IMC 2015: Sessions

Session 221: Reforming Medieval Kingship

Monday 6 July 2015, 14.15-15.45

Moderator/Chair:Paul R. Dryburgh, The National Archives, London
Paper 221-aReform, Renewal, and 12th-Century Kingship in England and Germany
(Language: English)
Ryan Kemp, Department of History & Welsh History, Aberystwyth University
Index terms: Historiography - Modern Scholarship, Language and Literature - Comparative, Political Thought
Paper 221-bReforming Edward II
(Language: English)
Kit Heyam, School of English, University of Leeds
Index terms: Historiography - Medieval, Language and Literature - Middle English, Language and Literature - Latin
Abstract

Paper -a:
This paper asks what kingship in England and Germany during the 12th century owed to sentiments of reform and renewal. A number of historiographical paradigms have influenced how kingship has been perceived, with the Anglophone scholarship concentrating on innovation. Discussing aspects of continuity is made more difficult when contemporary statements of political reform and renewal have been discussed through more modern preoccupations with the nation state and a Weberian shift from charismatic to bureaucratic authority. This paper examines how far these preoccupations reflect contemporary concerns and how statements of reform differed in their content and implication across England and Germany.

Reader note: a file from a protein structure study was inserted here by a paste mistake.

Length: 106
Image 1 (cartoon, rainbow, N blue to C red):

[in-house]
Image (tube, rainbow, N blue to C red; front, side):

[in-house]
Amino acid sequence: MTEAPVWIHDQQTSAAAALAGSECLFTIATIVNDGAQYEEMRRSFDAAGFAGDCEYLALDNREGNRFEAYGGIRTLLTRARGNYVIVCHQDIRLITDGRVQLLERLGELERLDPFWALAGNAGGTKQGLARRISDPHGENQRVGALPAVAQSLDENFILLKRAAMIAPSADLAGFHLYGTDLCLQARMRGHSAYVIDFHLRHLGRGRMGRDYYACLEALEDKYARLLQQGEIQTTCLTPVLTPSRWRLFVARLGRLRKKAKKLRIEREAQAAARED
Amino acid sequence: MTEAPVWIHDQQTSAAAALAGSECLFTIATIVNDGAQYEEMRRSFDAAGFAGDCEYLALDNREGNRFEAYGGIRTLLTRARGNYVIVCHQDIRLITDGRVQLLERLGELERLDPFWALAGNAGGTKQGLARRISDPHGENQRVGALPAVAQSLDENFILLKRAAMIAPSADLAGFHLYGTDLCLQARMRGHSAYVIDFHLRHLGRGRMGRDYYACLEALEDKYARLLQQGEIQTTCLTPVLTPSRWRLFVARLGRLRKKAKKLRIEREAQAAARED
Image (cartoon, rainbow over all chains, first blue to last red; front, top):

Paper -b:
This paper addresses the development of the narrative of Edward II in historical texts: principally the ‘long version’ of the Brut (Anglo-Norman and English translation) and Geoffrey le Baker’s Chronicon. It focuses particularly on the sympathetic representation of Edward as reformed and repentant after his deposition, in contrast to what is frequently portrayed as dissolute behaviour on the throne. While much scholarship has focused on immediate political motivations for the re-forming of Edward’s story between texts, this paper argues for the additional consideration of creative or literary motivations: in particular, the search for a sensational popular narrative, and the alignment of Edward’s life with the de casibus tradition.